3 August 2011
It’s easy to think now that if this is the worst I have to deal with on this trip then everything has gone well.
The breakfast at the hotel should have been a sign – but I did not heed it (cold mushroom half-an-egg omlette and soggy lettuce garnish).
A quick morning stroll around Dolny Kubin provided little inspiration for the day ahead. The hotel looked worse on the outside than it had from the inside. Maybe I should have stayed and gone to tonight’s circus performance.
But please don’t get the wrong impression about Slovakia – maybe I just stumbled across one of its less spectacular towns. Most of everything else I saw and experienced was great – I just have no photos of the better parts (but plenty of HD video).
So less than 160 miles today north to Krakow via Auschwitz. If all goes well I’ll be at Auschwitz just after lunch – visit the museum and be in Krakow late afternoon and catch up again with Kalahari George and his buddy.
The route is programmed to keep me off the motorways as much as possible and off I go.
First couple of hours were fine and very enjoyable. Seemed like I’d hardly been riding any time and I crossed the border into Poland (another new country for me).
I’m ahead of the GPS ( ie should arrive in Auschwitz before the GPS suggested when I set off) and thinking about how I will spend the evening in Krakow.
It seems like there is plenty of logging in this part of Poland. I’m occasionally slowed down by trucks laden with freshly cut trees and there is much evidence of logging as I travel through the forest. There is a left turn coming up – as I prepare to make the turn I see a sign that looks like it says the road is closed. OK – I’ll keep going straight and hopefully hook up further along. Ten minutes later the road is getting narrower and the surface poorer. But I’m headed in the right direction – so I keep going.
Around another bend and the gravel on the road turns into a gravel road. A no go zone for the Family Truckster. So I gingerly turn it around (not easy on a narrow road with a heavy bike) and head back.
Maybe that original road was not closed? Let’s give that a go. Sadly I was wrong. My initial interpretation of Polish road signs was on the money. There is no way through here either so another 5 point turn beckons – made even harder by fact that half the road is covered with the dirt excavated from the section under repair.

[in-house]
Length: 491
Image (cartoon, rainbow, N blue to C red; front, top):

So I back track even further – knowing I have to head north east to get to Auschwitz. Back on an A road now and there’s a sign for Oswiecim – I think that is the Polish name for Auschwitz – so let’s follow these signs. Good call. The GPS picks up the route again and I’m on my way.
But getting low on petrol now. The low fuel light is on and I have about 30 miles of petrol left. GPS is telling me to turn left. I look right and see a sign for a petrol station 500 metres to the tight right. I change the indicator and wait for the traffic to clear from both directions. I turn the handlebars a hard right and ease the bike forward ever so slightly preparing to take this very tight right turn.
And then the moment we all fear. Heavy bike, tight turn and slow speeds.
The bike starts to overbalance. Not now – not here!
I put my right foot down – more in hope than anything else – but prepared to jump off if I need to. No need to have it fall on me – I’d never get out from under it on my own.
But my leg holds it up. Unbelievable! I thought I’d dropped it.
Short haul to the petrol station now – time to have a break and get my breath back. That was so close – never been that close to dropping the Family Truckster before.
I refuel and park up the bike so I can get a coffee.
Twenty minutes later and time to head to Auschwitz – not far from here – maybe another 30 minutes.
I walk out to my bike. What is that on my tyre?
Worn through to the steel belts.
I knew I would need to replace them soon but was planning to do this in Romania. Probably the extra weight has sped up the squaring off process. Plenty of tread left on the edges. Need to ride more bends and less straight lines!
Better get these replaced. But where?
Update: This was my first of a few mechanical interludes I was to experience on my Turkey motorcycle tour, each of which required me to lay over for at least a day or two until the necessary spares arrived. Living in London it is easy to fall into the trap that the spares you need will be held in stock by most BMW dealers which is unfortunately not the case in Eastern Europe and Turkey. Flexibility in my touring schedule and seeking overnight accommodation on a daily basis ended up being a bonus when unexpected maintenance and repairs were required.